WHEN Peter Voser leaves Shell next year, his tenure is likely to be looked back on with respect. Promoted to finance chief in 2004 after the company was forced to admit it had dramatically overestimated its proved oil and natural gas reserves, the quiet Swiss boss has led Shell through a reassuringly uneventful four years since he took the top job in 2009.
Bowing out on a three per cent rise in profits yesterday – mainly from new projects and refining – Voser has quietly built the oil giant into a credible liquefied natural gas player, and it makes sense that he now feels ready to step down and spend his pension pot on the change of lifestyle he told investors he was craving yesterday.
So why not do it straight away?
Like Sir John Peace at Experian yesterday, Voser has handed investors a lengthy notice period – he won’t leave until mid-2014 – and no replacement has been immediately named. Sticking around may give him time to find and train his successor, but it also exposes Shell to the sort of uncertainty that shareholders always hate. And until he names an heir, Voser is unlikely to make many major decisions or be in a strong enough position to handle any problems that could arise.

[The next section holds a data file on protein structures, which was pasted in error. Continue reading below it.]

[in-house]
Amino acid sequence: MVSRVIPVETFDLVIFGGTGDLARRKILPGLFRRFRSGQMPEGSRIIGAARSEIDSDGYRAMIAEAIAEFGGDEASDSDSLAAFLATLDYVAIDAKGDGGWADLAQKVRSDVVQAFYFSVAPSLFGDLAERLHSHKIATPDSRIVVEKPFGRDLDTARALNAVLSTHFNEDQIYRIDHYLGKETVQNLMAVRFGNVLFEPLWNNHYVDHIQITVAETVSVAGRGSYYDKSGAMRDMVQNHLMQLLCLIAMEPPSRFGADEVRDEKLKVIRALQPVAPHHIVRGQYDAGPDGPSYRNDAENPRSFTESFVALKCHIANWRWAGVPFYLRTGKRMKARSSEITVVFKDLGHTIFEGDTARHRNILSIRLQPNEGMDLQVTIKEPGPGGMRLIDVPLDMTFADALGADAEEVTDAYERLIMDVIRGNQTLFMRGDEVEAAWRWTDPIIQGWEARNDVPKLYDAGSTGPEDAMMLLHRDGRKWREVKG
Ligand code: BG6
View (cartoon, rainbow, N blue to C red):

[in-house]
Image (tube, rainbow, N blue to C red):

He’s leaving Shell at a crucial time. Like rivals, it is struggling to replace reserves and boost production, and will be feeling the squeeze as the price of oil threatens to fall lower.
Whoever takes over – and all indictors point to an internal promotion – might not have so smooth a ride as Voser. The company would have been better off firming up a succession plan behind the scenes than leaving shareholders wondering who’ll lead them through the next chapter.
That Shell’s shares barely moved yesterday is a testament both to its impressive financials, and to the fact that investors were already half expecting Voser to go. But they would have been expecting it in six months’ time too.
Until they know what’s coming next, they will have very little incentive to put more skin in the game.